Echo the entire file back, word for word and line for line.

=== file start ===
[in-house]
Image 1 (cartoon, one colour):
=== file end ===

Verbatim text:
[in-house]
Image 1 (cartoon, one colour):